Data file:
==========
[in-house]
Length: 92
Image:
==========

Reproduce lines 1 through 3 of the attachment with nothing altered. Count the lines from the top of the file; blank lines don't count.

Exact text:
[in-house]
Length: 92
Image: